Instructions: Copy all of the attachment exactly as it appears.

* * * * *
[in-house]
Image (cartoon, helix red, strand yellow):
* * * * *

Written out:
[in-house]
Image (cartoon, helix red, strand yellow):